And, yes, Batman did wear a rainbow batsuit in the story!

Sunday, February 14, 2021

Wolverine and His Tiny Fists

I had a dream that Wolverine's claws were replaced with little fists. I thought it would be fun to draw. It was! Maybe it makes him more kid friendly?

Monday, February 1, 2021

New Work on RedBubble!

I've opened a RedBubble shop! I have a shop at Teepublic (which I'm happy with), but RedBubble gives me more freedom to design to specific products without making a new listing. Such as adding words to my Einstein clock, or moving my zombie's arm for a horizontal layout. They can also, in some cases, print on larger areas of clothing. If you've ever enjoyed my original work or my PD character work, please check it out--!

Saturday, January 23, 2021

Would Wolverine be as popular if he looked like THIS?

I know, I know, you think he looks like this (or some variation of it).

My version is ridiculous you say? Take a quick look at some of Marvel's other "animal" characters that existed the 70's-- The Rhino, the Grizzly, the Gibbon, the Man-Ape. There are others too, and they all wear a costume.

Given their track record, Wolverine could have followed in the same footsteps (prints?). But instead, he looks cool. It no doubt made a difference in his popularity.

Why did I think of this? Because this week I saw a picture of the superhero Razorback. I grew up in Arkansas (which has a college football team named the Razorbacks). When Razorback first appeared in the 70's, I thought. "Yay! Arkansas is being represented! And Razorback is a great name for a superhero!" Then I immediately thought, "Egad! What a stupid costume!" He was never popular and I've been bitter all these years.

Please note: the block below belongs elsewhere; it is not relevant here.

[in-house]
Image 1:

So, today, I take it out on Wolverine.

Sunday, January 17, 2021

Little Seen 60's Superhero art by Jack Kirby and Marie Severin


I recently created a post collecting all the Spider-Man art by Jack Kirby I could find. (It can be seen here.) Then, thanks to Stéphane Beaumort and Franz Hens, I discovered more! The new-to-me art can be found in the September 1966 issue of Esquire.

I found a beat up (cheap) copy of the magazine, with good pages on the inside, then scanned (and retouched) away! The superhero themed articles start with the double page spread seen below. Click on any image in to enlarge. Note: you need to "right click" on the image to open it actual size in a tab or window. It's much more readable.

There is a large Jack Kirby signature right below Spider-Man. But, I don't think Kirby drew him! This is all speculation on my part, but it's not exactly Kirby's style, and the layout of the characters would be very strong without Spidey in it. Did Kirby leave him out and someone else from Marvel crammed him in?

The most telling thing is that there is a thin "white" gap in the black line art between Spidey and the rest of the characters. This is what you would see if Spider-Man had been drawn separately, cut out, and pasted on the art. Here's a close up--

Edit: Artist Terry Beatty has informed me that he has seen the original Kirby art for this spread. It did not have Spider-Man in it. So, Spidey was added later, probably through the use of stats. Thanks, Terry!

On the following two pages, is the Spider-Man art that Kirby did most likely draw. As you can see from the first image, Kirby often added or omitted details from Spider-Man's costume. In this version, Spidey has no spider emblem on his back, but he does have webs running down the side of his legs. Both elements are "off model." Oddly enough enough, he appears correct on the next page.